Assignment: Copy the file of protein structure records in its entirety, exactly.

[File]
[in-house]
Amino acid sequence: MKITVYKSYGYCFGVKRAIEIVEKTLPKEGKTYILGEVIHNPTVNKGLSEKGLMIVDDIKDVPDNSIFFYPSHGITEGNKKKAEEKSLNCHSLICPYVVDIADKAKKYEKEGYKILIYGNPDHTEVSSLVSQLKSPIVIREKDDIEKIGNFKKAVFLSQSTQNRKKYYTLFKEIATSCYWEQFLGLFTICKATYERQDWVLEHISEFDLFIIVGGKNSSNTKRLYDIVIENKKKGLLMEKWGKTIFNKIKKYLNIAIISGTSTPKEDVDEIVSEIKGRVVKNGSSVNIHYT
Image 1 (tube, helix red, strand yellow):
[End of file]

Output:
[in-house]
Amino acid sequence: MKITVYKSYGYCFGVKRAIEIVEKTLPKEGKTYILGEVIHNPTVNKGLSEKGLMIVDDIKDVPDNSIFFYPSHGITEGNKKKAEEKSLNCHSLICPYVVDIADKAKKYEKEGYKILIYGNPDHTEVSSLVSQLKSPIVIREKDDIEKIGNFKKAVFLSQSTQNRKKYYTLFKEIATSCYWEQFLGLFTICKATYERQDWVLEHISEFDLFIIVGGKNSSNTKRLYDIVIENKKKGLLMEKWGKTIFNKIKKYLNIAIISGTSTPKEDVDEIVSEIKGRVVKNGSSVNIHYT
Image 1 (tube, helix red, strand yellow):